Volume 1 of GI Joe: Special Missions collects issues 1-4 from IDW’s most recent Joe relaunch. I’ve followed the IDW Joe books sporadically over the years. When they initially acquired the license, I tried all three of their launch books; GI Joe, Origins and Cobra. I ended up sticking with Cobra the longest but bailed right before the Cobra Civil War storyline. I decided to give Special Missions a try because I’ve been reading and enjoying some of Chuck Dixon’s prose work recently.
I’m glad I did.
This first Special Missions volume deals with Scarlett’s team finding out about and then attempting to intercept a salvage mission the Baroness is running on a sunken Cobra ship. The Baroness is on the outs with Cobra Command (for unspecified reasons that aren’t essential) and is trying to get back in their good graces. Simultaneously with the Joes, Serpentor is tracking the Baroness and her plan in an effort to eliminate her, claim the salvage and curry favor within Cobra.
Dixon’s Joe work has always struck me as good, not amazing-yell-it-to-the-rooftops-good, but a kind of solid, non-flashy storytelling that I can best appreciate when read in complete story chunks. That is true again here. Dixon drops you into the story as it develops; the Joes barely escape an unrelated firefight and then roll into the salvage mission quickly. There’s no “team origin” bullshit, no exposition about their mission and respective specialties, no “new team member” who asks leading questions and spouts paragraphs to get you up to speed. Mainframe has a new mission, Tripwire and Scarlett call a guy to help them get equipped and we’re off to the races.
I want to talk about this for a minute because it’s a storytelling choice that I really appreciate. I’m tired of “origin stories”, I’m tired of the assumption that I can’t just pick stuff up as the story goes; I’m tired of those floating little boxes with character names/powers/affiliations/specialties/whatever every time somebody new shows up. This opening reminded me of one of my favorite movie openings, Michael Mann’s Miami Vice. That film opened with Corckett and Tubbs in the middle of a prostitution ring bust that they abandon and never again refer to after they receive a phone call that kicks off the main story. You’re just with these guys and now they’re doing a thing. They have a language and a speech pattern all their own and it’s not really explained, some of it you have to deduce from context and some of it you only understand after seeing something else. And that’s how Special Missions works too. The dialogue feels authentic (though what do I know, really) but not in a hack-y “lets cram as many cool acronyms or gun slang in here as we can” way. This isn’t a situation where the Joes have to save the world, it’s a mission that changes objectives a couple of times and goes to shit pretty quickly and the Joes have to scramble to achieve anything while trying to get out alive. Somebody yells “Yo Joe!” and Scarlett punches a shark, what else do you want?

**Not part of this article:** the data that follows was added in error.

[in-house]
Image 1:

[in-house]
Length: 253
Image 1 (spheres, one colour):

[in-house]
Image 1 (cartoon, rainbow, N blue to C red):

You want solid art and storytelling? Well Paul Gulacy (Master of Kung Fu, Batman) is your man. I’m familiar with his work from a Palmiotti/Gray 2011 mini, Timebomb and a Warren Ellis mini from the early 2000’s (Reload). Gulacy is one of those rare artists who can make a bunch of white people in similar looking camo distinctive enough that you’re not lost. His action is clear and kinetic, not just people in cool battle poses but characters moving in a way that appears to have weight and momentum. Sure you also get Baroness diving through a window while shooting two guns dressed in skintight leather but c’mon, this isn’t a procedural, it’s a GI Joe book. Gulacy also gets to design a new character Dixon created, Bildocker, a Sgt. Bilko (look it up) type guy who can get anything anybody needs. Dixon’s intro to Bildocker is nicely exposition free also, there’s no bit about how the Army killed his dog so now he acquires illegal submarines, he’s just a fat guy in a Hawaiian shirt that can get you a submarine.
That type of stuff is at the heart of my recommendation that you read Special Missions. It’s refreshing in its streamlined approach to storytelling, and while it may seem uncomplicated it requires an active reader to be able to follow its many characters and their changing fortunes. As long as Gulacy and Dixon are on this book I’ll be reading.